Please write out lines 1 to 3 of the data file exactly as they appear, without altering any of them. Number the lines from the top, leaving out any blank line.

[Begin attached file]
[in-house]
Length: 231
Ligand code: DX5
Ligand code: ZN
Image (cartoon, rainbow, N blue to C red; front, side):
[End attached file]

[in-house]
Length: 231
Ligand code: DX5